Class of 2010 Celebrates Delivery Of Rings at Moakley Courthouse

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Juan S. Villeta-Garcia ’10 receives his Brass Rat from the staff member of Balfour during the ring delivery at Moakley Courthouse on the Boston waterfront on April 26.
William Yee—The Tech
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2010 Ring Committee President Laura E. Aust ’10 shows off her Brass Rat during the ring delivery at Moakley Courthouse on the Boston waterfront on April 26.
William Yee—The Tech

Roughly 700 members of the Class of 2010 descended upon the Moakley Courthouse in downtown Boston for a posh evening last Saturday to celebrate the delivery of their Brass Rats. According to Laura E. Aust ’10, Chair of the 2010 Ring Committee, the event cost around $55,000.

The semi-formal evening included a catered dinner and a jazz group. Representatives from Balfour distributed the rings, and the event was open to all sophomores, even those who did not purchase a ring.

The Moakley Courthouse is located on the waterfront, and the building offered spectacular views of the Boston skyline to sophomores enjoying their meals. According to Timothy E. Robertson ’10, “the view was awesome.” However, he said that a different location in Boston, like the Prudential Center, might have been better for students looking for something to do after the dinner.

Aust said that the Ring Committee was allocated a total budget of around $70,000, which helped subsidize the cost of gold and funded the party. They also spent about $1,000 on a study break during the year and about $14,000 on T-shirts, shot glasses, and other costs related to the Ring Premiere in February.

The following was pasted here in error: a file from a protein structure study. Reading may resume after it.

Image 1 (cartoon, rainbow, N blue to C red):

Sophomores were shuttled to and from the Courthouse with buses leaving from MIT and the Courthouse every 15 minutes, allowing students to come and go as they pleased. Manvi Goel ’10 said, “I liked the fact that it really didn’t have a concrete structure.” “I had a really good time,” she said.

Most students enjoyed the evening. Rachel C. Mayer ’10 said that “the food was great” and “it was nice to see everyone dressed up.” According to Goel, “it gave everyone an opportunity to get away from campus and be excited about being part of MIT.”

Eric D. Eisner ’10 had fun but said that, “if the money had gone into subsidizing rings, it would have been better.”

Aust said that things went better than she expected. Ring Delivery is the last major responsibility of the Ring Committee, and the committee will now help the class of 2011 Ring Committee get started with their work, according to Aust.

The tradition of holding an event to commemorate Ring Delivery started in 1999 with the class of 2001. That year, sophomores took part in a 3-hour sunset cruise.

If students missed Ring Delivery, they can still pick up their rings in Lobby 10 today or in the Stata Center on Wednesday and Thursday. Students can also order rings at the booths.